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Knowledge voyage: Are we ready?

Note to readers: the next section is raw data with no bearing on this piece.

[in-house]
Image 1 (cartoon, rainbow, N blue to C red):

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The increased use of ICT has provided many Sri Lankan managers with access to information and associated knowledge     We often deal with information and in fact have even gone beyond the information era. Knowledge in multiple forms is around us. Knowledge challenges are prevalent in many Sri Lankan workplaces. As Sri Lanka seeks to harness more knowledge for its development, a knowledge voyage is essential for Sri Lanka if it wants to grow economically. Let’s consider the what, why and how of such a knowledge voyage in today’s column.   Knowledge overview It was Peter Drucker who said that knowledge has become the capital rather than a capital in the ‘post-capitalistic’ era. This is an interesting way to look at how people contribute to organisations. Knowledge is generally referred to as what is known. The Oxford dictionary describes knowledge as “facts, information and skills acquired through experience or education; the theoretical or practical understanding of a subject.” It has become a capital that is being invested, anticipating returns. We commonly use terms such as knowledge worker and knowledge work. According to Drucker, knowledge work is about sensing, judging, creating ideas and expert opinions, building networks of relationships and producing value using knowledge and information. It is all about knowledge in action. Then, who is a knowledge worker? He or she is an employee who is simultaneously an investor and owner of the enterprise he/she is working for. We see an emergence of knowledge work in Sri Lanka, in line with the global trend. Knowledge is acquired through learning. Learning is essentially an individual phenomenon. In other words, learning takes place within an individual. The individual becomes knowledgeable. That’s where the game starts. Knowledge is power. Michel Foucault vividly elaborates us on this. “Power is exercised by virtue of things being known and people being seen.” He further states: “The exercise of power perpetually creates knowledge and, conversely, power as knowledge.”   Knowledge ladder Russell Ackoff, an organisational researcher and a theorist, came up with a fascinating concept of knowledge way back in 1989. According to him, the content of the human mind can be categorised into several forms, namely data, information, knowledge and wisdom. Data are symbols. They are raw and have no meaning on their own. They can exist in any form of evidence or facts. In the computer, a spreadsheet generally starts out by holding data. Information is the data that is processed to be useful. It provides answers to ‘who’, ‘what’, ‘where’, and ‘when’ questions. The raw form has now become more organised. Knowledge is the application of data and information. It answers ‘how’ questions, with regard to human understanding. It is in fact the appropriate collection of information, in order to make it useful. Someone gains knowledge through acquiring information. In the computer this means using stored information to do something. Wisdom is a deeper level of understanding. Understanding is essentially the appreciation of ‘why’. It is the process by which one can take knowledge and synthesise new knowledge from the previously held knowledge. In computers, Artificial Intelligence systems are able to synthesise new knowledge from previously stored information and knowledge. Wisdom is also the process by which we also decide between right and wrong, good and bad. Do we see this knowledge voyage happening in Sri Lankan organisations? The signs are promising. With the increased usage of Information and Communication Technology (ICT), many Sri Lankan managers have access to information and associated knowledge. Facing the three-decade long war and still managing their businesses was one clear sign of using wisdom to survive in tough times.   Knowledge through the ages Knowledge has been a concern of philosophers and scientist since ancient times. Let’s look at three prominent characters that appear in three different periods in three different parts of the world. From an early western perspective, the Greek philosopher Plato offered three perspectives of knowledge. According to him, knowledge and perception are the same; true belief is knowledge and true belief accompanied by a rational account is knowledge. His idea of rationality associated with knowledge is prevalent in all his writings. Moving from west to East, we meet Kautilya who lived in India during the 4th Century B.C. He was an advisor to King Asoka. Kautilya believed that institutions were a prerequisite to economic growth, good governance and knowledge, and that ethical conduct and economic growth are interdependent. Kautilya believed in the virtuous cycle of economic growth based on knowledge. Immanuel Kant, an 18th Century German philosopher believed in creating a compromise between the empiricists who believed that knowledge was acquired through experience alone and the rationalists who say that reason alone provides us with knowledge. According to him, using reason without applying it to experience will only lead to illusions, while experience will be purely biased without first being checked for meaning. The French philosopher Michel Foucault (1926–1984) offered novel insights on knowledge. He said that modern power operates through the construction of “new” capacities and modes of activity rather than through the limitations of pre‐existing ones. Knowledge is power. The exercise of this power itself creates and causes the emergence of new objects of knowledge. At the very heart of this knowledge‐power relationship, and constantly provoking it, are the defiance and urgency of freedom. In brief, knowledge is power.   Knowledge and brain Knowledge generation is related to the particular configuration of the human brain. This is in essence, the presence of the Left Brain and Right Brain. We tend to call them the logical left and rhythmic right, highlighting their capabilities. Knowledge is the result of integrated left and right brain thinking. The Right Brain is mostly visual and processes information in an intuitive and simultaneous way, looking first at the whole picture then the details. The Left Brain is verbal and processes information in an analytical and sequential way, looking first at the pieces then putting them together to get the whole. A healthy left-right combination will ensure a artistic and scientific way of gathering knowledge leading to wisdom. Are we using both sides of the brain in our workplaces? Different situations require different uses. Preparing a corporate plan for an example, would require envisioning the future. This may result in an inspirational vision and a solid mission. It is a classic right-brain activity. In contrast, forecasting volumes, projections, ratios and other key numbers are all possible through the use of left brain. What is required is to effectively use both sides. Sri Lankan organisations can do much more in this respect, moving beyond the popularly seen short-term orientation.   Knowledge forms Ikujiro Nonaka, a veteran researcher of knowledge management, describes two types of knowledge, namely tacit and explicit. Let’s start with the easily seen one. Explicit is also known as the coded knowledge. It is the one which is available in soft and hard forms in textbooks, manuals, CDs, etc. It is easily communicated and shared, as in product specifications, a scientific formula or a computer program. Tacit Knowledge is based on personal experience. It is hard to explain and, therefore difficult to communicate to others. It could be a craft or profession, a particular technology or product market, or the activities of a work group or team. As tacit knowledge is within individuals, the challenge is how to capture individual-based knowledge to make it explicit and common knowledge for use across the entire organisation. We have many examples of tacit knowledge getting trapped without properly translated. Take the case of an indigenous physician. He might touch a patient and heal him. Whereas the ‘golaya’ (student) might be taking notes of his teacher’s behaviour and try to learn which may not be fully successful. Why some of the ancient technologies used to construct stupas, dagobas, tanks and canals are not available now can be easily attributable to the non-transference of the tacit knowledge of our forefathers to a coded form. Even in a corporate scenario, the resignation of an experienced manager might create a dearth of knowledge unless a proper plan is in place to ensure translation of at least some of his/her tacit knowledge to his/her successor. This can be a critical knowledge challenge in order to ensure business continuity.   Knowledge and technology Knowledge is crippled without the usage of technology. The impact of information and communications technology (ICT) on managing knowledge can be at three levels. They are informational, relational and transformational. Informational refers to the ability of ICT to source and convert required data into information in an accurate and timely manner. This information will enable effective decision-making by presenting information through decision support systems and expert systems. Relational Impact is through the flow of information from point to point in the organisation and into the environment. Here organisational hierarchies will be transformed into networks enabling virtual teams and communities of practice to function. Transformational Impact will enable organisational systems to change when the environment changes. The organisation should be agile in sourcing inputs and redesigning organisational structures and processes, while obtaining quick feedback from consumers at the end of supply chains. Apart from a few success stories, we are mostly at the informational level of ICT usage as a nation. Yet, glimpses of potential are visible both in the private and public sectors. The transformation which happened within the Department of Immigration and Emigration is one such example.   Way forward We are in the knowledge era and our organisations have to be not only knowledge users but knowledge creators and sharers. Strengthening research and development arms in Sri Lankan organisations is one vital step in this direction. Choosing innovation over imitation should be the preferred way of conducting businesses. As Peter Drucker said, “The single greatest challenge facing managers in the developed countries of the word is to raise the productivity of knowledge and service works.”